setting a bit in the bit mask to be a second, different logical value when its corresponding filter element has an exact value;
a third circuitry communicatively coupled to the network interface adapter to determine respective sets of one or more filter-identifiers associated with respective filter elements; and
a fourth circuitry communicatively coupled to the network interface adapter to produce a result-set of filter-identifiers that is based on an intersection of the filter-identifier sets.
19. The apparatus of claim 18 further comprising a fifth circuitry communicatively couple to the network interface adapter to associate each filter-identifier with a policy-identifier.
20. The apparatus of claim 19 further comprising a sixth circuitry communicatively coupled to the network interface adapter to: select a particular filter-identifier from one of the filter element sets as a search-identifier; search the other filter element sets for a match of the search-identifier; add the search-identifier to a result set if the search-identifier is found in all of the other sets; and iteratively repeat the selection, search and addition with respect to at least one subsequent filter-identifier until a last filter-identifier in any set is reached.
21. The apparatus of claim 20 further comprising a seventh circuitry communicatively coupled to the network interface adapter to: place the filter-identifiers in a hierarchical order; and search from a filter-identifier with a highest value towards a filter-identifier with a lowest value in the hierarchy.
22. The apparatus of claim 21 further comprising an eighth circuitry communicatively coupled to the network interface adapter to: select an initial filter-identifier from each filter element set, said initial filter-identifier having a highest value among the filter-identifiers in that filter element set; and select one of the initial filter-identifiers as the particular filter-identifier, said one of the initial filter-identifiers having a lowest value among the initial filter-identifiers.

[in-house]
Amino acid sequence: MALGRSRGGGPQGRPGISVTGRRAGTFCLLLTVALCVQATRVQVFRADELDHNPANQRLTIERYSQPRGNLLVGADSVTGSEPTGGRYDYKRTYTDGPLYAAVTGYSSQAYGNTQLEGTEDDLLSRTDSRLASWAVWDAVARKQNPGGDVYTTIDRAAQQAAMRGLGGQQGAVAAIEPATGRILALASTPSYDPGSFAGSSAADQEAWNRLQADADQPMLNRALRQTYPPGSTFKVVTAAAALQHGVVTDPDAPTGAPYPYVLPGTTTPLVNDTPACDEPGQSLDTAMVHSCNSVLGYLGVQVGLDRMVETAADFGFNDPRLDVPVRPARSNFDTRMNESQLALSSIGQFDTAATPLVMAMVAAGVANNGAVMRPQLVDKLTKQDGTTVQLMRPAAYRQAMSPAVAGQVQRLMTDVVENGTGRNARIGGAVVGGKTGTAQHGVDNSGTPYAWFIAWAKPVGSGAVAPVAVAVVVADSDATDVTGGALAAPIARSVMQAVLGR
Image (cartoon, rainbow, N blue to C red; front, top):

23. The apparatus of claim 22 further comprising a ninth circuitry communicatively coupled to the network interface adapter to: select a filter-identifier from each filter element set, said filter-identifier having a highest value among the filter-identifiers in that filter element set that is lower in value than the search-identifier value; and select one of the filter-identifiers as the iterative particular filter-identifier, said one of the iterative filter-identifiers having a lowest value among the iterative filter-identifiers.
24. A system comprising: a network; and a network device communicatively coupled to the network, the device including a processor and instructions executable by the processor to cause the processor to:
generate a filter-identifier based, at least in part, on one or more filter elements associated with a data packet header field, wherein the filter-identifier is different from a policy-identifier that identifies a policy applicable to data packets having specified entries in the one or more filter elements;
characterize the specified entries in the filter elements as either a range-based value or an exact value;
generate a bit mask from the characterizing, each bit in the bit mask corresponding to a filter element;